Skip to main content

Gram's stain

Gram's stain, laboratory staining technique that distinguishes between two groups of bacteria by the identification of differences in the structure of their cell walls. The Gram stain, named after its developer, Danish bacteriologist Christian Gram, has become an important tool in bacterial taxonomy, distinguishing between so-called gram-positive bacteria, which remain colored after the staining procedure, and gram-negative bacteria, which do not retain dye. In the staining technique, cells on a microscope slide are heat-fixed (killed) and stained with a basic dye, crystal violet, which stains all bacterial cells blue; then they are treated with an iodine-potassium iodide solution that allows the iodine to enter the cells and form a water-insoluble complex with the crystal violet dye. The cells are treated with alcohol or acetone solvent in which the iodine-crystal violet complex is soluble. Following solvent treatment, only gram-positive cells remain stained, possibly because of their thick cell wall, which is not permeable to solvent. After the staining procedure, cells are treated with a counterstain, i.e., a red acidic dye such as safranin or acid fuchsin, in order to make gram-negative (decolorized) cells visible. Counterstained gram-negative cells appear red, and gram-positive cells remain blue. Although the cell walls of gram-negative and gram-positive bacteria are similar in chemical composition, the cell wall of gram-negative bacteria is a thin layer sandwiched between an outer lipid-containing cell envelope and the inner cell membrane, whereas the gram-positive cell wall is much thicker, lacks the cell envelope, and contains additional substances, such as teichoic acids, polymers composed of glycerol or ribitol. The difference in reactivity between gram-positive and gram-negative bacteria is linked with differences in physiological properties of the two groups. Gram-positive bacteria are generally more sensitive to growth inhibition by dyes, halogens, many antibiotics, and to attack by phagocytosis (see endocytosis), and are more resistant to digestion by the enzymes pepsin and trypsin and enzymes in animal sera.

Cite this article
Pick a style below, and copy the text for your bibliography.

  • MLA
  • Chicago
  • APA

"Gram's stain." The Columbia Encyclopedia, 6th ed.. . Encyclopedia.com. 23 Apr. 2017 <http://www.encyclopedia.com>.

"Gram's stain." The Columbia Encyclopedia, 6th ed.. . Encyclopedia.com. (April 23, 2017). http://www.encyclopedia.com/reference/encyclopedias-almanacs-transcripts-and-maps/grams-stain

"Gram's stain." The Columbia Encyclopedia, 6th ed.. . Retrieved April 23, 2017 from Encyclopedia.com: http://www.encyclopedia.com/reference/encyclopedias-almanacs-transcripts-and-maps/grams-stain

Gram's stain

Gram's stain A staining method used to differentiate bacteria. The bacterial sample is smeared on a microscope slide, stained with a violet dye, treated with acetone-alcohol (a decolourizer), and finally counterstained with a red dye. Gram-positive bacteria retain the first dye, appearing blue-black under the microscope; such bacteria have a thick layer of peptidoglycan in their cell walls. In Gram-negative bacteria, the acetone-alcohol washes out the violet dye and the counterstain is taken up, the cells appearing red. The cell walls of these bacteria have an outer layer of lipoprotein overlying a thin layer of peptidoglycan. The stain is named after the Danish bacteriologist H. C. J. Gram (1853–1938), who first described the technique (since modified) in 1884.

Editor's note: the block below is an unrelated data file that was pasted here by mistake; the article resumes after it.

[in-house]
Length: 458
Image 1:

Cite this article
Pick a style below, and copy the text for your bibliography.

  • MLA
  • Chicago
  • APA

"Gram's stain." A Dictionary of Biology. . Encyclopedia.com. 23 Apr. 2017 <http://www.encyclopedia.com>.

"Gram's stain." A Dictionary of Biology. . Encyclopedia.com. (April 23, 2017). http://www.encyclopedia.com/science/dictionaries-thesauruses-pictures-and-press-releases/grams-stain-0

"Gram's stain." A Dictionary of Biology. . Retrieved April 23, 2017 from Encyclopedia.com: http://www.encyclopedia.com/science/dictionaries-thesauruses-pictures-and-press-releases/grams-stain-0

Gram's stain

Gram's stain (gramz) n. a method of staining bacterial cells, used as a primary means of identification. The bacterial cells are stained with a violet dye, treated with decolorizer (e.g. alcohol), and then counterstained with red dye. Gram-negative bacteria lose the initial stain but take up the counterstain, so that they appear red microscopically. Gram-positive bacteria retain the initial stain, appearing violet microscopically. [ H. C. J. Gram (1853–1938), Danish physician]

Cite this article
Pick a style below, and copy the text for your bibliography.

  • MLA
  • Chicago
  • APA

"Gram's stain." A Dictionary of Nursing. . Encyclopedia.com. 23 Apr. 2017 <http://www.encyclopedia.com>.

"Gram's stain." A Dictionary of Nursing. . Encyclopedia.com. (April 23, 2017). http://www.encyclopedia.com/caregiving/dictionaries-thesauruses-pictures-and-press-releases/grams-stain

"Gram's stain." A Dictionary of Nursing. . Retrieved April 23, 2017 from Encyclopedia.com: http://www.encyclopedia.com/caregiving/dictionaries-thesauruses-pictures-and-press-releases/grams-stain

Gram's stain

Gram's stain The staining procedure used to determine the Gram reaction of bacteria.

Cite this article
Pick a style below, and copy the text for your bibliography.

  • MLA
  • Chicago
  • APA

"Gram's stain." A Dictionary of Plant Sciences. . Encyclopedia.com. 23 Apr. 2017 <http://www.encyclopedia.com>.

"Gram's stain." A Dictionary of Plant Sciences. . Encyclopedia.com. (April 23, 2017). http://www.encyclopedia.com/science/dictionaries-thesauruses-pictures-and-press-releases/grams-stain

"Gram's stain." A Dictionary of Plant Sciences. . Retrieved April 23, 2017 from Encyclopedia.com: http://www.encyclopedia.com/science/dictionaries-thesauruses-pictures-and-press-releases/grams-stain